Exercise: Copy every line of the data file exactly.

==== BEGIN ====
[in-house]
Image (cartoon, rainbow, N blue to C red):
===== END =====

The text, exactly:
[in-house]
Image (cartoon, rainbow, N blue to C red):